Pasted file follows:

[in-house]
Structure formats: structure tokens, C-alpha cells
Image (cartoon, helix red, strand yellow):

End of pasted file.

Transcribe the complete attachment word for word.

[in-house]
Structure formats: structure tokens, C-alpha cells
Image (cartoon, helix red, strand yellow):